For visitors to Zion National Park, Watchman Campground is an ideal place to stay. Located near the park's south entrance, the campground is just a short walk from the main visitor center, the Zion Canyon Shuttle System and the adjacent town of Springdale. The canyon and most of the park's trails are only accessible by shuttle bus from approximately March through November each year. Watchman Campground is open year-round, with the reservation season being March through Thanksgiving weekend in November. The campground is first-come, first-served at the end of November through February.
Hikers can access three trails directly from the facility: the Watchman Trail, a moderate trail that ascends the peak behind the campground; the Archeology Trail, which offers a light hike to an archeological site nearby; and the Pa'rus Trail, a paved walking and biking trail that runs alongside the river, and the only trail in the park that allows dogs. Although there are no rock climbing routes in the campground, many popular climbs are within a short shuttle bus ride into the main canyon. Use of OHVs and ATVs is prohibited in Zion National Park.
Toilets, drinking water and picnic tables are provided at this facility. Tent-only (F-Loop), non-electric sites (C & D Loop) do not permit vehicles 19 feet and over or in combined length. Group sites (E-Loop) are also tent-only and can accommodate between seven and 40 people. Standard electric sites in A-Loop may be used for either tent or RV camping. However, only RVs are permitted to occupy sites in the B-Loop. There are no full-hookup campsites. Electric sites are all 30 amp, with only a handful of sites that supply 50 amp; a dump station with potable water is available at the entrance to the campground.
Zion is known for it's dynamic geologic history and Watchman Campground is no exception. Named for the rocky peak that rises above it, the campground is surrounded by tall sandstone cliffs that glow red and orange during sunrise and sunset. The Virgin River, a narrow but powerful river that has carved out the canyon over time, runs adjacent to the campground. Cottonwood trees surrounding the campsite turn golden in the fall. Most of the campsites are in partial to full sun, however in the Group sites (E-Loop) and the Walk-To sites (F-Loop) visitors may receive some shade under pergulas that are constructed over the picnic tables. Visitors can also cool off in the cold river when temperatures peak during summer. Be Advised: The months of April and May bring an unusual infestation of Tent Caterpillars, which fall from trees onto tents, tables, and unsuspecting campers and can make it quite uncomfortable to sit outside. The months of July and August in particular bring a higher concentration of ants in the campsites, which seem to come out especially after the monsoons, but are present all summer long. Insecticidal treatment by visitors is not permitted.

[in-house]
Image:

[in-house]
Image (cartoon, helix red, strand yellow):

The town of Springdale has shopping, art galleries, restaurants, and a public library. Throughout the year, concerts, festivals, and parades are held in the town.
Charges & Cancellations
A $10.00 service fee will apply if you change your reservation. Cancellations more than 48 hours in advance of arrival date incur a $10 cancellation fee. Within 48 hours of arrival, a $10 cancellation fee and the first night's fee are charged.
ADA Access: N
We loved this campsite! It is at the base of the canyon and surrounded by beautiful trees which provide nice shade during the day. The campsite is also within walking distance to the visitors center (which has free wifi if you need) and to the shuttle. The shuttle is by far the best way to explore this National Park. Take advantage of it!
The campsite itself was very clean. The bathrooms were also impressive! Very clean with toilet paper and soap provided. There is also a dishwashing station at each bathroom which is very convenient. You can walk into town or take the free shuttle to access some locations in town that provide showers for a fee (~$5-$7). Firewood can also be purchased in town.
We stayed in Loop A and where we were situated was perfect in the morning. The trees were covering our camp site. It was quiet even though it was a full campground. The bathrooms were nice and it even included sinks to wash your dishes and drinking water. Bathrooms were clean(not outhouses). The campsite was convient to the shuttle, vistors center, springdale, and a few trails. The only thing that i was bummed about was that we waited to long to make reservations and could only get one night. So plan ahead if you want to stay here. We booked ours two weeks in advance and that was the only spot available.